Katherine Williams, AIA, NOMA, LEED AP is a native of Virginia and grew up in Chesterfield. Her introduction to architecture came at a Girl Scout career fair in elementary school. Encouraged by her mother, Williams attended various design camps to learn about the design industry and the profession. Following her graduation from Howard University, Williams worked in architecture firms in Virginia. She worked on projects in historic preservation, municipal facilities, and adaptive reuse.
When an opportunity arose to do work that was community centered, Williams took it and moved to the west coast to become a Rose Architectural Fellow. There she was a Project Manager at the San Francisco Housing Development Corporation. Her primary role was as client representative for the construction of an affordable condo project and
Outside of the office, Williams has served on the AIA Richmond board, as a Girl Scout troop leader, as editor of the National Organization of Minority Architects (NOMA) magazine, and chair and member of the American Institute for Architects Housing and Community Development Knowledge Community advisory group. She has been published and presented at numerous conferences over the past 15 years. She was a recipient of the 2013 NOMA Founders Award and the 2016 AIA Virginia Emerging Professionals award.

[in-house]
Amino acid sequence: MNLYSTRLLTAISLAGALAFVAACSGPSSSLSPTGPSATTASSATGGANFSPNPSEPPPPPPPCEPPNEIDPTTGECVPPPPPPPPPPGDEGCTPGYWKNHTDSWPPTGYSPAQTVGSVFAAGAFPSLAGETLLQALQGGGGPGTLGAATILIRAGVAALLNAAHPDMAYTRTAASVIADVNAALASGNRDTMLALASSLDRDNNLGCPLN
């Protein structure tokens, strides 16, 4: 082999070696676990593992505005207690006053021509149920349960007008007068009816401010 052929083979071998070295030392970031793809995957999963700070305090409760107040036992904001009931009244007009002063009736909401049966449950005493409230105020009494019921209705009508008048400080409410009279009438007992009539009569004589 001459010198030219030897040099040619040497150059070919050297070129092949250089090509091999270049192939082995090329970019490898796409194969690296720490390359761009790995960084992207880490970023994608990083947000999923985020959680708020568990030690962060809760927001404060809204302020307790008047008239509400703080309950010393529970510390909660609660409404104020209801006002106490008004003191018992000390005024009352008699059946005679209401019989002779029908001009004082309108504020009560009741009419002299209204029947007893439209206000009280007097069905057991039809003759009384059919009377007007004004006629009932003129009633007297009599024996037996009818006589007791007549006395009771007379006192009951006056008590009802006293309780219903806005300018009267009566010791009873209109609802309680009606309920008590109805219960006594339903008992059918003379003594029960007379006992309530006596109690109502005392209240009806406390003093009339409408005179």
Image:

As one of 450 (as of 01/15/2019) African American licensed women architects in the US, about .4% of all US licensed architects, Williams has a unique perspective that is not always represented in mainstream media. Very little research and statistics
Williams works to provide excellent buildings and spaces for clients, as well as, support for others building their careers.